10 Ways Nature Can Help You Have a Healthy 2022
To get your 2022 off to a healthy start, Sempervirens Fund has partnered with AllTrails lead medical director, Dr. Suzanne Bartlett Hackenmiller, to share the top 10 tips for getting healthy in nature.
Spending time in nature is one of the best ways to boost your health. To help get your 2022 started right, Sempervirens Fund partnered with AllTrails lead medical director, Dr. Suzanne Bartlett Hackenmiller, to share the top 10 ways you can get healthy in nature.
The new year often brings contemplation, motivation and resolution for greater health and happiness. Lists of life hacks, vitality secrets and weight loss tricks abound. In 2022, consider adding nature to your list of evidence-based wellness interventions. Nature encounters can be big, bold adventures, or family-friendly and free. There is something for everyone in our list of ten reasons, doctor’s orders, to opt outdoors this year.
Here are a few to get you started:
2. Reach Your Fitness Goals
Not only did a review of eleven studies by Thompson Coons, et al. find that outdoor exercise led to greater feelings of revitalization, increased energy, a greater sense of satisfaction and increased likelihood of repeating the activity as compared to indoor exercise, but outdoor exercise was also found in a 2013 study by Richard Mitchell to improve mental health over exercise in other types of environments. So, forego the gym, dress for the weather, and plan your next exercise activity outdoors.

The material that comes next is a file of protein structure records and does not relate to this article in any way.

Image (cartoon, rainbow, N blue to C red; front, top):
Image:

3. Enhance Your Memory, Attention Span and Productivity
A study by Kate Lee and colleagues found that students who took 40-second microbreaks to gaze at a screensaver of nature images had improved attention spans and fewer errors in completing a task after the break. This is among the many studies suggesting that simply gazing at nature images is good for our health when it is not practical or possible to step outdoors.
6. Lower Your Blood Pressure
Office workers participating in a one-day forest therapy program were found to have significantly lower blood pressure for five full days following their experience, in a study by Song, et al. in 2017. Find a certified forest therapy guide near you to explore the practice of Shinrin-yoku, or Japanese Forest Bathing.
Sign up for Sempervirens Fund EmailsYou can also join Dr. Hackenmiller in our first Under the Redwoods of 2022, a free webinar on health benefits of opting outdoors! Sign up for our email list to stay up to date on this and other free webinars as our 2022 Under the Redwoods series as they are announced.